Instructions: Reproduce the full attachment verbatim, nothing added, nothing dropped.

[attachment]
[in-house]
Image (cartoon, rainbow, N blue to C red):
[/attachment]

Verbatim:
[in-house]
Image (cartoon, rainbow, N blue to C red):